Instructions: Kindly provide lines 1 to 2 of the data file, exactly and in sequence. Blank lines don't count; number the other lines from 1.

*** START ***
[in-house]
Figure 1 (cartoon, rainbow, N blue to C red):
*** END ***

[in-house]
Figure 1 (cartoon, rainbow, N blue to C red):